11-52. a: 0.56 and 0.74 b: ≈ 65% ± 9%<br />

11-53. 3% ± 0.85%. Answers vary, but should be 3% plus/minus a number smaller than 1.7%<br />

11-54. The energy usage will change by –1.3% to 1.7%. Indiana could save up to $11.7 million,<br />

but could end up spending $15.3 million.<br />

11-55. a: Answers will vary. Like a tournament, the students could be paired and the coin<br />

tossed for each pair. The “winners” are paired and the coin tossed again, repeating<br />

until there is just one student.<br />

b: 3 tosses. Tossing a coin 3 times has 8 equally likely outcomes: HHH, HHT, HTH, HTT,<br />

THH, THT, TTH, TTT. Assign each student an outcome and toss the coin 3 times.<br />

c: Yes. Use the method outlined in part b repeatedly until a baseball player is not<br />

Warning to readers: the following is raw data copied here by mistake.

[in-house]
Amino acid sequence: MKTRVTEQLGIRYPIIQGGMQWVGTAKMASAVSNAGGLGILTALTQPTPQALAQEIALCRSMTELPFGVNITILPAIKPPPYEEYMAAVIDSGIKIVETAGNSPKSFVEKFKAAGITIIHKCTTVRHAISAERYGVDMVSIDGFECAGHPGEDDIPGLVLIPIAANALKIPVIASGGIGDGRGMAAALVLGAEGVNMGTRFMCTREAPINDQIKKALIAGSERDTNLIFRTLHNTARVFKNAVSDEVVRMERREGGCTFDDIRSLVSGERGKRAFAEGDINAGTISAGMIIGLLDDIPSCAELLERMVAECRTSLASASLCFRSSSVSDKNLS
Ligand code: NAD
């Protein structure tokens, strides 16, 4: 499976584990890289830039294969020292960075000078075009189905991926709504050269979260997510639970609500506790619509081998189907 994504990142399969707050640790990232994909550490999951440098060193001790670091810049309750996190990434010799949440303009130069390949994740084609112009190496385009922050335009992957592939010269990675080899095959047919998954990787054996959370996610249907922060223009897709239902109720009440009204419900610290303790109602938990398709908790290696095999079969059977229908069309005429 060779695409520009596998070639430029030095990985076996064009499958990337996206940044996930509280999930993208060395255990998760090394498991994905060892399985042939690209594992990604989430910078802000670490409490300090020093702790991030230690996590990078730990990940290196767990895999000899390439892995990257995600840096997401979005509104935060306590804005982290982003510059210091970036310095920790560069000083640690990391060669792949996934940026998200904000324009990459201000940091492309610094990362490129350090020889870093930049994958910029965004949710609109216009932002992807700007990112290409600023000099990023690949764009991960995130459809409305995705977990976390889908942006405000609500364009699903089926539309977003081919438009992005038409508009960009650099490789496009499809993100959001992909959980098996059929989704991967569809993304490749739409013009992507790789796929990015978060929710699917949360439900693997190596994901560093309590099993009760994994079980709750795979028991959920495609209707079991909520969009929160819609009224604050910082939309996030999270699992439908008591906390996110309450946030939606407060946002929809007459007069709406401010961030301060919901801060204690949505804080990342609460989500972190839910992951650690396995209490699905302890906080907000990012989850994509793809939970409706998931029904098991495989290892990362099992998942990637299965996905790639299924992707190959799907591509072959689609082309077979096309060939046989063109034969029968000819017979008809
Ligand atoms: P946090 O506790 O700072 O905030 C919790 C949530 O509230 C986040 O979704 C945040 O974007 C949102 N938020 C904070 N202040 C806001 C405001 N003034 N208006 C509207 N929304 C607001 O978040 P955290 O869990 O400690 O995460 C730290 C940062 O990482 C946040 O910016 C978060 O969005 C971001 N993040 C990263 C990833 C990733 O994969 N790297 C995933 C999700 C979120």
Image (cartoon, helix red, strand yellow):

selected.<br />

11-56. a: y = 2(x +<br />

4 7 )2 − 105<br />

, graph shown at right,<br />

vertex (−<br />

4 7 , − 105<br />

8 ) , axis of symmetry x = − 4<br />

b: y = 3(x − 1 6 )2 −<br />

12 97 , graph shown at far right,<br />

vertex( 1 6 , − 12 97 ) , axis of symmetry x = 1 6<br />

11-57. a: b:<br />

c: For part (a), the parts above the x-axis stay the same, the parts below the x-axis are<br />

reflected upward across the axis. For part (b), the part of the graph to the right of the<br />

y-axis remains the same, and the part to the left of the y-axis is replaced by a reflection<br />

of the part on the right of the axis.<br />

11-58. a: Some may predict the amount due will be far too much for a state to pay.<br />

b: ≈ 1.126 ⋅ 10 15 dollars<br />